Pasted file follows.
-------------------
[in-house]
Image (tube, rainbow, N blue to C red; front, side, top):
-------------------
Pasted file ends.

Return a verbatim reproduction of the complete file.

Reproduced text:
[in-house]
Image (tube, rainbow, N blue to C red; front, side, top):